What do I do with all this produce? Prepare and preserve!

Barbara Kingsolver’s book Vegetable, Animal, Miracle is a memoir covering a year in the author’s family’s life on a small farm in rural Virginia. It was an extreme lifestyle experiment: they minimized their fossil fuel footprint by growing much of their own food and supplementing with locally produced food as much as possible.

The moral of the story is that they lived well. As it goes, local and fresh foods taste better and are more nutritious. The family worked hard in the garden and the kitchen, but it was therapeutic work and it brought them into closer relationships.

VAM began to demystify the following question: what is a “locavore” to do during the winter? I’ve been eating well and eating locally for the past month on a farm and garden diet, but none of that is going to be available come November, much less December, January, February.

The above question pairs well with another question I’ve been asking myself in the garden: what can I do with all this produce? Well, one answer covers both questions, and I’m grateful to Barbara for pointing out the obvious: it’s food preservation! Barbara and her family did a ton of canning, drying/curing, and freezing during the months of harvest. They set a good example for what we should be doing in the garden with our excess produce.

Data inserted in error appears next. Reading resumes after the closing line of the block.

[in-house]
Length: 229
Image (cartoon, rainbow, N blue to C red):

I’m beginning to learn about this topic from another angle, too. I have a book called The Art of Fermentation by Sandor Katz, which demystifies food preservation much further. The difference between processes like canning/freezing/drying and fermentation is that fermentation employs bacteria and yeast to preserve and alter foods. It’s microbial gardening!

So far I’ve worked on two batches of honey mead (with honey from a friend down in Scottsville) and garden sauerkraut. It’s a completely new field for me, but it has an enormous potential within the garden’s mission to explore marginalized food systems. I’m proud to say I have garden vegetables (in the form of sauerkraut) in my refrigerator. They should last into the winter!

I did not expect to experiment in these ways before the internship began. I thought I would be focusing on growing food. However, I can not separate those activities from the activities that follow them: preparing and preserving food. They are just as necessary, and just as interesting.

CDC

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